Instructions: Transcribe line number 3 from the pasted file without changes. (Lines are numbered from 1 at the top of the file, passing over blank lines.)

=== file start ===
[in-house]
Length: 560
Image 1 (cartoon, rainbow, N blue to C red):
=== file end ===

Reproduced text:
Image 1 (cartoon, rainbow, N blue to C red):